Test of salt marsh as a site of production and export of fish biomass with implications for impoundment management and restoration



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Salt marshes are among the most productive ecosystems in the world, and although they are thought to enhance the productivity of open estuarine waters, the mechanism by which energy transfer occurs has been debated for decades. One possible mechanism is the transfer of saltmarsh production to estuarine waters by vagile fishes and invertebrates. Saltmarsh impoundments in the Indian River Lagoon, Florida, that have been reconnected to the estuary by culverts provide unique opportunities for studying marsh systems with respect to aquatic communities. The boundaries between salt marshes and the estuary are clearly defined by a system of dikes that confine fishes into a known area, and the exchange of aquatic organisms are restricted to culverts where they may be easily sampled. A multi-gear approach was used monthly to estimate fish standing stock, fish ingress/egress, and predation. Changes in saltmarsh fish abundance, and exchange with the estuary reflected the seasonal pattern of marsh flooding in the xv northern Indian River Lagoon system. During a six month period of marsh flooding, saltmarsh fishes had continuous access to marsh food resources. Piscivorous fishes regularly entered the marsh via creeks and ditches to prey upon marsh fishes, and piscivorous birds aggregated following major fish migrations to the marsh surface or to deep habitats. As water levels receded in winter, saltmarsh fishes concentrated into deep habitats and migration to the estuary ensued. The monthly estimates of fish standing stock, net fish ingress, and predation were used to develop a biomass budget to estimate annual production of fishes and the relative yield to predatory fish, birds, and direct migration to the estuary. Annual production of saltmarsh fishes was estimated to be 17.7 g·m-2 salt marsh, which falls within the range of previously reported values for estuarine fish communities. The relative yields were at least 21% to piscivorous fishes, 14% to piscivorous birds, and 32% to export. Annual export of fish biomass was 5.6 g fish·m-2 salt marsh, representing about 2% of saltmarsh primary production. Saltmarsh fishes convert marsh production to high quality vagile biomass (fishes concentrate energy, protein, and nutrients as body mass) and move this readily useable production to the estuary, providing an efficient link between salt marshes and estuarine predators.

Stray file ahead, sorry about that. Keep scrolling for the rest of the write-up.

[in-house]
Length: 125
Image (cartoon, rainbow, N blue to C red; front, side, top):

Publication type Thesis
Publication Subtype Thesis
Title Test of salt marsh as a site of production and export of fish biomass with implications for impoundment management and restoration
Year Published 2002
Language English
Publisher University of Florida
Contributing office(s) Southeast Ecological Science Center
Description xv, 195 p.
Online Only (Y/N) N
Additional Online Files (Y/N) N
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